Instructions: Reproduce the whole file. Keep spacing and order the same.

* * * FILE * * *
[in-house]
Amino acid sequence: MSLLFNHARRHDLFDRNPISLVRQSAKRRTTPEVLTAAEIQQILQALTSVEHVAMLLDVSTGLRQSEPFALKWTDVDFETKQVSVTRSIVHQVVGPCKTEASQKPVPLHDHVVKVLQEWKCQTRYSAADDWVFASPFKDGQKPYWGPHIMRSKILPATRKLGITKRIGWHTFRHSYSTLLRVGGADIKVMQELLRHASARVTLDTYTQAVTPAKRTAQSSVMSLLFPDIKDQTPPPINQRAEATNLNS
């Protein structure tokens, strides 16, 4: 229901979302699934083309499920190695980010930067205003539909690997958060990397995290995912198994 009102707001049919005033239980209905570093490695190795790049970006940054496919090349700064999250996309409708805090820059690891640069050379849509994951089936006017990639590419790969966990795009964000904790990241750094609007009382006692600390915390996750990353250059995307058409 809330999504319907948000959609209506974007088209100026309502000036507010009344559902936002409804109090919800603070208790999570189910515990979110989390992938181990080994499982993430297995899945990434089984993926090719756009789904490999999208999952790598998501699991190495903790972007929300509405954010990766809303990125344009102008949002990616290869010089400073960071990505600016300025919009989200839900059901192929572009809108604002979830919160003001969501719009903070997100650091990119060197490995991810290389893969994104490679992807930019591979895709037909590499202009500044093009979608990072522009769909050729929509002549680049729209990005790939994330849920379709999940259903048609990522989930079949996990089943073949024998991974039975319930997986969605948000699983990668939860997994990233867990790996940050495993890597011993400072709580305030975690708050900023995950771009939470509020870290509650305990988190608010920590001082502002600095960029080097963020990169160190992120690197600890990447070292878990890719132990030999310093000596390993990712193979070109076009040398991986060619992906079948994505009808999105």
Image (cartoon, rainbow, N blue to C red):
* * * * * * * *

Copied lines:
[in-house]
Amino acid sequence: MSLLFNHARRHDLFDRNPISLVRQSAKRRTTPEVLTAAEIQQILQALTSVEHVAMLLDVSTGLRQSEPFALKWTDVDFETKQVSVTRSIVHQVVGPCKTEASQKPVPLHDHVVKVLQEWKCQTRYSAADDWVFASPFKDGQKPYWGPHIMRSKILPATRKLGITKRIGWHTFRHSYSTLLRVGGADIKVMQELLRHASARVTLDTYTQAVTPAKRTAQSSVMSLLFPDIKDQTPPPINQRAEATNLNS
């Protein structure tokens, strides 16, 4: 229901979302699934083309499920190695980010930067205003539909690997958060990397995290995912198994 009102707001049919005033239980209905570093490695190795790049970006940054496919090349700064999250996309409708805090820059690891640069050379849509994951089936006017990639590419790969966990795009964000904790990241750094609007009382006692600390915390996750990353250059995307058409 809330999504319907948000959609209506974007088209100026309502000036507010009344559902936002409804109090919800603070208790999570189910515990979110989390992938181990080994499982993430297995899945990434089984993926090719756009789904490999999208999952790598998501699991190495903790972007929300509405954010990766809303990125344009102008949002990616290869010089400073960071990505600016300025919009989200839900059901192929572009809108604002979830919160003001969501719009903070997100650091990119060197490995991810290389893969994104490679992807930019591979895709037909590499202009500044093009979608990072522009769909050729929509002549680049729209990005790939994330849920379709999940259903048609990522989930079949996990089943073949024998991974039975319930997986969605948000699983990668939860997994990233867990790996940050495993890597011993400072709580305030975690708050900023995950771009939470509020870290509650305990988190608010920590001082502002600095960029080097963020990169160190992120690197600890990447070292878990890719132990030999310093000596390993990712193979070109076009040398991986060619992906079948994505009808999105």
Image (cartoon, rainbow, N blue to C red):